27 October 2023
Ngā Manukura. Local Legends.
writer: Arpége Taratoa (Ngāi Te Rangi, Ngāti Raukawa, Ngā Puhi, Ngāti Rārua)
photographer: Niki Boon
Thinking back on her childhood, Mairangi Reiher is filled with fond memories of growing up wrapped in the loving community of her grandparents’ Golden Bay farm. But it wasn’t until adulthood that Mairangi began her journey to rediscover her heritage and whakapapa. Her cultural endeavours have really shaped her life’s passions, and today her children and grandchildren are building on the foundations she has set for her whānau.
Top image. Mairangi (far right) sharing a moment with daughters Maree Reiher, 56 (far left), and Lenaire Crockford, 55. “I have three children, eight grandchildren, and now I have just been blessed with the most beautiful great-granddaughter,” Mairangi says. Above. Mairangi has many memories of her grandparents’ hospitality. At Christmas, a large marquee with a long table running underneath was set up at her grandparents’ house. All of her grandparents’ children and mokopuna would spend Christmas together, and the neighbours would come along, too. At times they would host visiting mayors or other significant people, but they were equally happy to take in people who had just come out of jail, offering them work on the farm. “They were very loving people, and the people that they took in still remember them to this day.”
“My childhood was very free and easy, so to speak. I loved being out on my grandparents’ farm. We had cows and sheep, and huge gardens around my grandparents’ house. They used to spend hours in the garden after they retired from milking,” Mairangi says. Growing up in Tākaka, Golden Bay, Mairangi and her siblings – Judi, Ramari, Rawiri and Paul – spent a lot of time with their grandparents, Rawiri and Ngara Mason, whose farmland they all lived on. It was a large area of land, and her dad and his siblings lived down the road. It was that quintessential “old-school Kiwi upbringing” with the freedom to explore and play in a landscape of farmland, hills and rivers.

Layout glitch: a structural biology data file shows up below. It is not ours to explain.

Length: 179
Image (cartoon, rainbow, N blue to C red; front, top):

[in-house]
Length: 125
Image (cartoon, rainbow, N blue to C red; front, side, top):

Mairangi, now in her early eighties, of Te Ātiawa, Ngāti Tama and Te Arawa descent, describes her childhood as a happy one. Her mother, Hana, loved to bake and her father, Retimana, worked on the farm and at the local cement company, and later ran his own engineering business. Mairangi’s paternal grandparents were the cornerstone of the family and for the local community. Their gardens were often the backdrop for wedding portraits, and Ngara – affectionately called Gran Mason – was known for her beautiful floral creations, including wreaths for special occasions. “I used to love being there with her when she was doing that. Even now, when I think of it, I loved the flowers when they were done. She’d lay them out on the lawn and spray them, and I still see the colours – I just loved the colours,” Mairangi says.
Whilst her childhood was full of fond memories, the absence of her native tongue was a lack Mairangi didn’t realise until later in life. “My grandparents would converse in Māori between them, or when they wanted to talk about something they didn’t want us to know about. We unfortunately used to just switch off and go out and play so we never learned to speak Māori.” Following her formal education, Mairangi first worked at the local post office. However, she left soon after finding out she could gain various typing certificates at the Post Office Accommodation Centre in Trentham. She then transferred to Wellington to work in the regional engineers’ office, where one of her many roles was teaching the girls in both Wellington and Lower Hutt how to use the national accounting machines.
Venturing overseas with a girlfriend for her big OE, Mairangi returned to Wellington and got a job at the University of Victoria’s social sciences school, where she stayed until she married her late husband, Herman. “Herman’s brother, Paul, was one of the group that I used to get around with in Wellington. We were a small group and often got together. Herman came out from Fiji –he was originally from Kiribati – to join Paul, and that’s where we met.”